Effects of blending ratios on the reactivities of CH2F2/C2HF5 refrigerant blends

Shintaro Takahashi, Hisashi Nakamura, Takuya Tezuka, Kaoru Maruta

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3 Citations (Scopus)


The R410A refrigerant (a blend of CH2F2 and C2HF5 with a mass ratio of 50:50) has been extensively used because of its small impact on the environment. We investigated the effects of the CH2F2-to-C2HF5 blending ratio in a stoichiometric CH2F2/C2HF5/air mixture on the ignition and combustion properties using a microflow-reactor with a controlled temperature profile. Experiments with weak flames showed two separated reaction zones of CH2F2 and blend of CH2F2 and C2HF5 (50:50), while a single reaction zone was observed for C2HF5. This was computationally reproduced using the Linteris mechanism. According to computations for different CH2F2-to-C2HF5 ratios with steps of 10 wt%, two heat release rate (HRR) peaks were observed under all conditions. The first HRR peak at the lower temperature and second HRR peak at the higher temperature corresponded to the consumption of refrigerant and CO oxidation, respectively. The second HRR peak was larger than the first peak for CH2F2. The second HRR peak shifted to a higher temperature and decreased with the increase in C2HF5 mass fraction up to 50 wt%, because the OH production by the H2–O2 reaction decreased owing to the increased HF production in the low-temperature zone. At C2HF5 mass fractions larger than 50 wt%, the first HRR peak became dominant because CO oxidation did not occur. The first HRR peak shifted to a lower temperature with the increase in C2HF5 mass fraction in the range of 60 to 100 wt% because the reactions contributing to the production of OH from H2O increased in the low-temperature zone, instead of the H2–O2 reaction. A large change in HRR was observed at an F/H ratio in the refrigerant blend of 1.8, owing to the change in OH production reactions. The tendency of the reactivities of the refrigerants is useful to prevent unwanted ignition.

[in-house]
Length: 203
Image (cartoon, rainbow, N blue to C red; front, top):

Original languageEnglish
Pages (from-to)2487-2495
Number of pages9
JournalProceedings of the Combustion Institute
Issue number2
Publication statusPublished - 2021 Jan


  • Fire safety
  • Flame suppressant
  • HO reaction
  • Hydrofluorocarbon
  • Microcombustion


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